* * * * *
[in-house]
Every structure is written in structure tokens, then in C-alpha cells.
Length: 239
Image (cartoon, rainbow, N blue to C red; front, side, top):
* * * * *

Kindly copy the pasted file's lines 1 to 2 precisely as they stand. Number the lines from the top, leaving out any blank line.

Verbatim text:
[in-house]
Every structure is written in structure tokens, then in C-alpha cells.